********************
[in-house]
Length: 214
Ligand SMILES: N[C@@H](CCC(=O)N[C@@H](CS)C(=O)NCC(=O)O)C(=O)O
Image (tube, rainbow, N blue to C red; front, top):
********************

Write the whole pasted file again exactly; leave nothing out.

[in-house]
Length: 214
Ligand SMILES: N[C@@H](CCC(=O)N[C@@H](CS)C(=O)NCC(=O)O)C(=O)O
Image (tube, rainbow, N blue to C red; front, top):